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Haematuria 2013

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Management of haematuria / hematuria in the emergency department.

Management of haematuria / hematuria in the emergency department.

Published in: Health & Medicine

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  • 1. HAEMATURIA RMO Teaching Whanganui DHB Mr Christophe CHEMASLE 27th June 2013
  • 2. Before Starting • Macroscopic haematuria is exceptionally (= rarely) lethal (1 personal case) • Catheterisation is to be avoided at all cost unless the patient is in retention • It is OK to discharge the patient and send a referral to the urologists (provided the patient is stable and does not need blood transfusion)
  • 3. Terminology • Visible Haematuria (VH). Referred to as ‘macroscopic haematuria’ or ‘gross haematuria’. Urine is coloured pink or red (or, on occasion like cola in acute glomerulonephritis). Requires consideration of rare causes of discoloured urine (myoglobinuria, haemoglobinuria, beeturia, drug discoloration – rifampicin, doxorubicin) • Non-Visible Haematuria (NVH). Otherwise referred to as ‘microscopic haematuria’ or ‘dipstick positive haematuria’. • Symptomatic Non-Visible Haematuria (s-NVH). LUTS (Lower Urinary Tract infections eg dysuria, urgency). Flank Pain. • Asymptomatic Non-Visible Haematuria (a-NVH). Incidental detection in the absence of LUTS or upper urinary tract symptoms.
  • 4. Definition of Positivity • Urine dipstick of a fresh voided urine sample, containing no preservative, is a sensitive means of detecting haematuria. • Community based urine samples sent for microscopy have a significant false negative rate; Routine microscopy for confirmation of dipstick haematuria is not necessary. • Whilst the sensitivity of urine dipsticks may vary from one manufacturer to another, significant haematuria is considered to be 1+ or greater. Trace haematuria should be considered negative. • There is no distinction in significance between non-haemolysed and haemolysed dipstick-positive haematuria. 1+ positive for either should be considered of equal significance.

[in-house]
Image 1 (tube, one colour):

• 5. What is significant haematuria? • Any single episode ofVH or Any single episode of s-NVH (in absence of UTI or other transient causes). • Persistent a-NVH (in absence of UTI or other transient causes). Persistence is defined as 2 out of 3 dipsticks positive for NVH. • Transient causes that need to be excluded are: Urinary tract infection (UTI), Exercice induced Haematuria, Menstruation • The presence of haematuria (VH or NVH) should not be attributed to anti- coagulant or anti-platelet therapy and patients should be evaluated regardless of these medications.
  • 6. Initial Investigations • Exclude UTI and/or other transient cause. • Plasma creatinine/eGFR. • Measure proteinuria on a random sample. Send urine for protein:creatinine ratio (PCR) or albumin:creatinine ratio (ACR) on a random sample • Blood pressure
  • 7. Urological Referral • All patients with visible haematuria. • BUT patients <40 yrs with cola-coloured urine and an inter-current upper respiratory tract infection will have an acute glomerulonephritis, and a nephrology referral may be considered more appropriate. • All patients with s-NVH (any age). • All patients with a-NVH aged ≥40 yrs.
  • 8. Nephrological Referral • For patients who have had a urological cause excluded, or have not met the referral criteria for a urological assessment , • If there is concurrent: declining GFR, Stage 4 or 5CKD, significant proteinuria, Hypertension and <40y years old, visible haematuria with intercurrent upper respiratory tract infection • If criteria not met, patient should be followed in primary care
  • 9. Long term monitoring • Patients should be monitored for the development of: • voiding LUTS • visible haematuria • significant or increasing proteinuria • progressive renal impairment (falling eGFR) • hypertension
  • 10. MACROSCOPICMACROSCOPIC 14 negative (1 on Warfarin) 10 bph 7 stones (5 kidney 2 ureteric) 5 TCC 5 UTI (from which 2 urethritis and 1 prostatitis) 2 RCC 2 filling defects (1 negative URS 1 pending) 1 PCa 1 Berger’s Disease 1 post radiation cystitis 70.8 % are explained
  • 11. MICROSCOPICMICROSCOPIC 12 negative 6 uti 5 kidney stone 3 TCC 3 interstitial cystitis 3 bph 2 referred to nephrology 1 polycythaemia 1 malignant retroperitoneal fibrosis 1 Urethral Caroncula 1 CT pending 65.7% are explained
  • 12. TAKE HOME MESSAGETAKE HOME MESSAGE Regardless of haematuria type, TCC accounts for 10% Delaying diagnosis because patient has only has one episode of macroscopic haematuria can have dramatic consequences
  • 13. Thank you